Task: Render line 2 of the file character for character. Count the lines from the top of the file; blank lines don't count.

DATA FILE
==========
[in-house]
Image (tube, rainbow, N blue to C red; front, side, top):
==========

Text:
Image (tube, rainbow, N blue to C red; front, side, top):